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This post is the 5th in a series of 6 posts regarding career development planning. You can find earlier posts in the series by clicking here.
The “Pathway to a Successful & Satisfying Career” includes four key steps:
- Campaign, and
- Ongoing Reflection & Transformation
Previous posts addressed the Assessment and Alignment phases, along with the first half of the Campaign phase (Steps 1-3). This post will address the remainder of the Campaign Phase (Steps 4-6).
The Campaign phase consists of six critical repeatable steps that position you to secure your desired career opportunity. These steps include:
- Creating your professional “”
- Target your audience and message
- Actively engage your target contacts.
- Create proof that you are the ideal candidate.
- Actualize the opportunity, and
- Negotiate and close the deal!
The prior post outlined steps 1-3 and emphasized the need to be true to your career vision statement in all of your messaging and active engagement. Be sure to capture notes from your conversations and organize them by using a contact management system such as Capsule CRM or Hubspot. Leverage technology to help you successfully navigate the Campaign phase and land your targeted career. Finally, promptly thank them for the opportunity to spend time with you and the insights they provide (email works, but a handwritten note carries some old-fashioned professional impact).
Step 4 – Create a Proof Project & Submit It Post Interview
By now, you have gained some traction for your Campaign, actively engaging targeted contacts, making observations, and taking notes. Hopefully, you are uncovering challenges the company faces or opportunities that may exist. You delve deeper into the company operations and culture and begin to see how you can apply your career vision statement to help the targeted company solve their problems or create new opportunities. Now is your time to prove it by creating a proof project and submitting it after your informational interviews.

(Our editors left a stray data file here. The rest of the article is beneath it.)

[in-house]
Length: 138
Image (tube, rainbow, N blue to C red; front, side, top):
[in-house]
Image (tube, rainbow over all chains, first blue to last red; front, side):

A proof project is nothing more than helping your targeted company to “connect the dots,” giving them a unique perspective and outlining the role you will play in the solution. It is a simple story, with an introduction, middle, and an end. You get to play the starring role by showcasing your natural abilities, skills, knowledge, etc. and explaining it in ways, they will make the connection between the challenge or opportunity and your direct involvement. The objective is to have them either hire you outright or to place you at the head of the line for the targeted role.
A Proof project can take many forms, be it via a PowerPoint deck, video, physical or digital model, or the use of any media that creatively showcases your unique observations and your proposed process to a solution. The Proof Project has seven parts:
- Outline of the problem or opportunity
- Your views/data to confirm the challenge or opportunity
- Your proposed solution
- The benefits for the target company and its customers, operations, etc.
- Your role and why you are the best choice for the role
- A brief overview of the steps for implementation (Don’t reveal too much! Leave them wanting for more!)
- A “trial close” statement such as, “When do we start?”
Use your creativity and unique insights, coupled with what you have learned about the decisionmakers and company culture to build a compelling case for the proposed solution and yourself. Now is the time to boast a bit and let people know the value you provide.